Objective: To compare the progression of erosions and joint space narrowing (JSN) in patients with early active rheumatoid arthritis (RA) using data obtained in the “Active-controlled Study of Patients receiving Infliximab for the treatment of Rheumatoid arthritis of Early onset” (ASPIRE) study.
Methods: This was a post hoc analysis of patients in ASPIRE who received placebo plus methotrexate (MTX) or infliximab (3 or 6 mg/kg) plus MTX. Radiographs of the hands (870 patients) and feet (871 patients) were obtained at baseline and week 54 and scored using the van der Heijde/Sharp method. In total, 7160 joints in the placebo plus MTX group and 18 908 joints in the combined infliximab plus MTX group were included in this analysis.
Results: At baseline, 83.4% of joints in the placebo plus MTX group had no radiographic damage, 8.5% had only erosions, 4.4% had only JSN and 3.7% had both. The distribution was similar in the infliximab plus MTX group. In the placebo plus MTX group, the majority of joints did not have development or progression of radiographic damage from baseline to week 54; among joints that did have development or progression of damage at week 54, erosions occurred more often than JSN. The same pattern was observed in the infliximab plus MTX group, although the proportions of joints with damage at week 54 were generally larger in the placebo plus MTX group. There was a tendency for joints with existing erosions or JSN to have progression of damage, rather than development of new damage.
Conclusions: Erosions were the predominant type of damage observed in both treatment groups. Erosions and JSN are related but partly independent processes.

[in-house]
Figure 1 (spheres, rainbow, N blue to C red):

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Rheumatoid arthritis (RA) is characterised by persistent inflammation of the synovial membrane and often results in joint destruction within the first few years after disease onset.1 2 3 This joint damage, in the form of bone destruction and cartilage changes, can be significant and is a major contributor to disability in patients with RA.4 In clinical trials, this damage is routinely assessed using validated radiographic scores.5 6 7 In the Sharp score and its modifications,7 8 9 bone destruction is reflected in the erosion score and cartilage damage is reflected in the joint space narrowing (JSN) score; these are evaluated separately and the total score sums the erosion and JSN scores.
The two components of joint damage appear to be a consequence of discrete, but inter-related, pathogenic processes. Bone erosion in patients with RA is mediated primarily by osteoclasts, which are activated by proinflammatory cytokines and other factors, and their destructive action is not counterbalanced by bone formation.10 11 12 13 14 Cytokines are also involved in inducing the breakdown of cartilage matrix via activation of chondrocytes and direct action of matrix metalloproteinases.15 16 17 Tumour necrosis factor α (TNFα), a proinflammatory cytokine, is involved in osteoclast activation and cartilage breakdown in patients with RA.18 19 20